When touring, I return to Driff’s Guide, an eccentric pocket encyclopedia of secondhand bookshops in Britain. The most recent edition I have is from 1992, so many shops are now gone. (If you would like to know about the author Driffield or Driff Field or Dryfield , ask Alan Moore. Also he appears in Iain Sinclair’s novel, White Chappell, Scarlet Tracings. You can also read his essay on him in London: City of Disappearances. I promise you it is an interesting and enigmatic tale).

I like a secondhand bookshop to be too full. In front of the shelves, piles teeter. It is a test of zeal.

Can you be bothered to shift the weighty hardbacks to peek at the bottom shelf of old Penguins?

There should be a semblance of order. It’s not good going into a bookshop that is like a firebombed Borges’ fantasy.

But it shouldn’t have absolute order. You should know roughly where philosophy is, or what the owner judges to be philosophy, but rigorous cataloguing dampens delight. Part of the fun of the search is to leave the bookshop with many things you never knew existed in the first place. Books you woke up unaware of, but by lunchtime you know you cannot live without.

Haphazard pricing systems also add to the adventure. Occasional overpriced tat increases the whoop when you unearth the underpriced gem.

Finally, it is useful if there is an independent tea shop with teetering Victoria Sponges within a short walking distance. To sit with a cake fork in one hand and your new books in the other is an immensely satisfying end to bookwormery, plus a much needed sugar intake after the exertions of scrutinising and lifting up the heavy piles to find out what lies beneath and behind.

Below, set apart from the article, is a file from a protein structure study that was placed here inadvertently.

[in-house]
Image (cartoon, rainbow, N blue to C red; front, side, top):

Unlike Orwell’s perfect pub, The Moon Under Water, these bookshops exist. If you are drawn to a seaside trip with a bibliophile bent, I recommend Camilla’s in Eastbourne (they have a parrot too) or The Sanctuary Bookshop in Lyme Regis (actually, that one is very well ordered, but great nevertheless).

(I don’t really want to tell you about my favourite shop. Then you’ll go there and snap up all the delights before me.)

My favourite bookshop in England is The Cottage Bookshop in Penn. I visited it many times as a child. I had not returned for almost twenty years, but yesterday I did. It was a rare occasion of nostalgia barely living up to the revisited contemporary reality. I first went when I was nine years old. The elderly man who ran it had an attic room where only the chosen could go with some of the more treasured books that you could be locked into. I would sit in the corner with an annual while my dad browsed with intent. Eventually, that attic room was no more, rumours were that people had been stuck in there for too long on occasion and had taken to weeing in any available vase. I think it is his daughter who runs the shop now. The aisles remain tight, the selection remains wondrous. It’s magnificence is such that it seems close to being a fiction, it is sad that it may soon be a memory.